FIG. 8(a) shows an ALPG program for one prior art ALPG. This is a program consisting of seven lines and constructed by execution order control instructions controlling the order of programs, operating instructions controlling loading and arithmetic operations, and output instructions, which make the operating register output its content as it is or inverted. Here, for the sake of simplicity, the execution order control instructions are not indicated as they are and only their order is indicated. Further, the operating instruction system is one indicated in FIG. 7(a). LDA R instructs to load the value of the constant data register R to the operating register A; INCR A instructs to add 1 to the operating register A; DECR A instructs to subtact 1 from the operating register A; and HOLD instructs not to change the value of the operating register A.
OUTA is an output instruction, instructing to output the value of the operating register A as it is and OUTAB instructs to output inverted one of the values of the operating register A.
Supposing that the value of the constant data register R is 100 and that the initial value of the operating register A is 0, FIG. 10(a) represents the output series obtained by executing the program indicated in FIG. 8(a).
Now, taking a case where a same output series as that indicated above is obtained by using three ALPGs as an example, the formation of a parallel program will be described below.
As stated previously, the parallel program is obtained by putting together N (3 in this example) in the original program according to the order of the execution. FIG. 8(b) illustrates a program corresponding to the program of FIG. 8(a) with portions thereof indicating a repetition of the same instruction step in order to clarify the order of the execution of the program indicated in FIG. 8(a).
FIGS. 9(a), (b) and (c) each show a program comprised of series of instructions with respect to each of three ALPGs. Each series of instructions is formed by putting together or accumulating instructions, three by three, takes from the series of instructions arranged in the order of execution, as shown in FIG. 8(b), with the position in the uppermost row (i.e., rows of X X 1 , X 1 2 and 1 2 2 shown in FIGS. 9(a), (b) and (c)) of the first or uppermost instruction (1) of FIG. 8(b) shifted as shown in FIGS. 9(a), (b) and (c). For example, in FIG. 9(a), instructions are put together or accumulated, three by three, starting from the position succeeding the first instruction (1) shown in FIG. 8(b). Here, for accumulated rows of instructions which rows are comprised of the same instructions, only one row of instruction is illustrated with a statement attached showing repetition. The third row shown in FIG. 9(a) is a new instruction formed by putting together or accumulating the three instructions (2), (3) and (4) of the original program into the new instruction, wherein as an output instruction of the new instruction, the output instruction of the top instruction (2) is used as it is, while as an operation instruction of the new instruction, Load A (R-1) is formed by putting together or accumulating +1, Load A R and -1 into the operation instruction.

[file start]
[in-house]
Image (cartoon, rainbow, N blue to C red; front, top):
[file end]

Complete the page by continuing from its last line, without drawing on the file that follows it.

FIGS. 9(b) and (c) represent results obtained by converting the original program in the same way. Here, contrarily to the fact that all the numbers of loads to the operating register A were values in the constant data register R in the original program, after the conversion they are R-2, R-1, R, R+1, R+2. Further, contrarily to the fact that the operating instructions were ±1 in the original program, the number of operations such as ADDA (addition) 3, SUBA (subtraction) 3, . . . etc. is increased. The number of operations such as ±1, ±2, ±3, etc. can be calculated by storing them previously in the memory 1A of the operating device. In fact, adopting the construction of the operating device according to this invention, all the operations appearing in FIGS. 9(a), (b) and (c) can be clearly realized.
FIGS. 10(b), (c) and (d) illustrate results of the execution of FIGS. 9(a), (b) and (c), respectively. It can be understood that an output corresponding to FIG. 10(a), which is the initial output series, can be obtained sequentially from the three ALPGs.
FIG. 1 is a scheme illustrating an embodiment of the pattern generator according to this invention.
FIG. 2 is a scheme showing the timing of the operation of principal signals in FIG. 1.
FIG. 3 is a block diagram indicating the construction of an IC test equipment using a pattern generator according to this invention.
FIGS. 4 and 5 are schemes for explaining the program conversion method and the method for the assignment to the ALPGs, in the case where two ALPGs are operated in parallel.
FIG. 6 is a scheme for explaining a parallel program formation method, in the case where three ALPGs are operated in parallel.
FIG. 7 is a scheme for explaining a prior art operation instruction system and an accumulated operation instruction system.